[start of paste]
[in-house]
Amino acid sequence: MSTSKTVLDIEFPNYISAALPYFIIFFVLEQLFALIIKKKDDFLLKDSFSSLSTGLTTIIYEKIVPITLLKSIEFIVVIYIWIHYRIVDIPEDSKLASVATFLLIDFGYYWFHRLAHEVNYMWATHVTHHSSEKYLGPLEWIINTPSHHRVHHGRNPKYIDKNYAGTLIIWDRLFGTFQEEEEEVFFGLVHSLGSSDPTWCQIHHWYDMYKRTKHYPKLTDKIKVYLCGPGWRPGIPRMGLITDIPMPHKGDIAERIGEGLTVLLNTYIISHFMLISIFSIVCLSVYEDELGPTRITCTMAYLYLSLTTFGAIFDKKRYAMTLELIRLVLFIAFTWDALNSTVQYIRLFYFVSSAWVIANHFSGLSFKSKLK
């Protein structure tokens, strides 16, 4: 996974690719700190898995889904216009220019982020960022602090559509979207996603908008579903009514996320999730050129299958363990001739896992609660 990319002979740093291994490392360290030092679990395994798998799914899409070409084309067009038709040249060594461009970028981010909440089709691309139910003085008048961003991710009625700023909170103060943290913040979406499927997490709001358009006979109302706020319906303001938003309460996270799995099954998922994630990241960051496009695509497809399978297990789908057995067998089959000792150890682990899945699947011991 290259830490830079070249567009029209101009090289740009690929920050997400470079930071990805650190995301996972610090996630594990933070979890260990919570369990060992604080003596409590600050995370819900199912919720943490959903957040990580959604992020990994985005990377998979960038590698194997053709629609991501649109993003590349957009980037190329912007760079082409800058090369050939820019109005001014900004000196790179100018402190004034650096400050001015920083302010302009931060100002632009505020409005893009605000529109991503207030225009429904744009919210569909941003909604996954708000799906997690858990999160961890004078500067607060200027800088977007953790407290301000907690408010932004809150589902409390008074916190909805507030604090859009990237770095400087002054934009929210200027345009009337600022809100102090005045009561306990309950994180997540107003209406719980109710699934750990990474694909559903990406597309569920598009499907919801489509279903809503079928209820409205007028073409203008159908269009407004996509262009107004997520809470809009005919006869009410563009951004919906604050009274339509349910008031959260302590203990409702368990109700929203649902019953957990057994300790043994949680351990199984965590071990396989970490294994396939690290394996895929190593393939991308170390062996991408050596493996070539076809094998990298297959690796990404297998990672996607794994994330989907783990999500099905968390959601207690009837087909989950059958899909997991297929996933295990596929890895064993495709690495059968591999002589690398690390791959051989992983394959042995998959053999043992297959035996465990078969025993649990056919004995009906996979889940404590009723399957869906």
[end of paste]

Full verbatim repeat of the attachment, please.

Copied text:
[in-house]
Amino acid sequence: MSTSKTVLDIEFPNYISAALPYFIIFFVLEQLFALIIKKKDDFLLKDSFSSLSTGLTTIIYEKIVPITLLKSIEFIVVIYIWIHYRIVDIPEDSKLASVATFLLIDFGYYWFHRLAHEVNYMWATHVTHHSSEKYLGPLEWIINTPSHHRVHHGRNPKYIDKNYAGTLIIWDRLFGTFQEEEEEVFFGLVHSLGSSDPTWCQIHHWYDMYKRTKHYPKLTDKIKVYLCGPGWRPGIPRMGLITDIPMPHKGDIAERIGEGLTVLLNTYIISHFMLISIFSIVCLSVYEDELGPTRITCTMAYLYLSLTTFGAIFDKKRYAMTLELIRLVLFIAFTWDALNSTVQYIRLFYFVSSAWVIANHFSGLSFKSKLK
């Protein structure tokens, strides 16, 4: 996974690719700190898995889904216009220019982020960022602090559509979207996603908008579903009514996320999730050129299958363990001739896992609660 990319002979740093291994490392360290030092679990395994798998799914899409070409084309067009038709040249060594461009970028981010909440089709691309139910003085008048961003991710009625700023909170103060943290913040979406499927997490709001358009006979109302706020319906303001938003309460996270799995099954998922994630990241960051496009695509497809399978297990789908057995067998089959000792150890682990899945699947011991 290259830490830079070249567009029209101009090289740009690929920050997400470079930071990805650190995301996972610090996630594990933070979890260990919570369990060992604080003596409590600050995370819900199912919720943490959903957040990580959604992020990994985005990377998979960038590698194997053709629609991501649109993003590349957009980037190329912007760079082409800058090369050939820019109005001014900004000196790179100018402190004034650096400050001015920083302010302009931060100002632009505020409005893009605000529109991503207030225009429904744009919210569909941003909604996954708000799906997690858990999160961890004078500067607060200027800088977007953790407290301000907690408010932004809150589902409390008074916190909805507030604090859009990237770095400087002054934009929210200027345009009337600022809100102090005045009561306990309950994180997540107003209406719980109710699934750990990474694909559903990406597309569920598009499907919801489509279903809503079928209820409205007028073409203008159908269009407004996509262009107004997520809470809009005919006869009410563009951004919906604050009274339509349910008031959260302590203990409702368990109700929203649902019953957990057994300790043994949680351990199984965590071990396989970490294994396939690290394996895929190593393939991308170390062996991408050596493996070539076809094998990298297959690796990404297998990672996607794994994330989907783990999500099905968390959601207690009837087909989950059958899909997991297929996933295990596929890895064993495709690495059968591999002589690398690390791959051989992983394959042995998959053999043992297959035996465990078969025993649990056919004995009906996979889940404590009723399957869906």